Is this rash an antibiotic reaction?
This 22-year-old thought this rash might be linked to his acne antibiotic. Dr Mike Wyndham describes his diagnosis
This 22-year-old university graduate had developed an extensive rash on his trunk and buttocks. It had been there for about a week and shown no sign of resolving. He was glad it wasn't itching but unhappy as he was about to go on holiday. He wondered whether it might be linked to the oxytetracycline he had been prescribed for his acne by our new registrar.
It was actually quite a dramatic rash with multiple lesions on the trunk and buttocks. The lesions were about 0.5-1.0cm, red and with a clear outline.
A few of them appeared to have some scale on the surface. I certainly felt oxytetracycline could be a possible cause.
• Pityriasis rosea
• Secondary syphilis
• Drug reaction
• Guttate psoriasis
Pitryriasis rosea usually presents with a large herald patch followed by small lesions a week or so later. They usually affect the trunk and limbs with a symmetrical pattern resembling a fir tree. There may be central scaling on some of these lesions. Itching may be present. In this case, there was no evidence of a herald patch and the rash seemed random rather than symmetrical. The scale seemed to be more in the periphery than in the centre.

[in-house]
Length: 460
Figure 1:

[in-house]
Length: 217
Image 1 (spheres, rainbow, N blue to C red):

Secondary syphilis may cause a copper-coloured rash preceded by flu-like symptoms such as sore throat and fever. Rash on the palms and soles is common. But these areas weren't affected and the patient had been in a long-standing relationship.
He had been taking oxytetracycline for four months and was delighted with the response. The last thing he wanted to do was to stop them. Drug rashes tend to occur within 10 days of starting them and while I suspect any rash is possible with a drug, I could only remember erythema multiforme being associated with oxytetracycline.
Guttate psoriasis usually develops in people under the age of 30 years. Multiple reddish lesions appear on the trunk with not much in the way of symptoms. This was a definite possibility.
Getting on the right track
If there's an uncertain diagnosis it pays to look carefully at the circumstantial evidence. I asked about a history of travel, medication (including over-the-counter products), recent infections or anyone the patient knew with a similar problem. When I asked question three, I hit the jackpot. He had been suffering with a sore throat two weeks previously, which was still grumbling in the background. This seemed to confirm the diagnosis – streptococcal throat infection precipitating a bout of guttate psoriasis.
Dr Mike Wyndham is a GP in Edgware, north London